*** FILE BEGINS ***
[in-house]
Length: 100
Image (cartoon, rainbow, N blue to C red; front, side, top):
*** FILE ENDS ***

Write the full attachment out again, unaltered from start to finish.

[in-house]
Length: 100
Image (cartoon, rainbow, N blue to C red; front, side, top):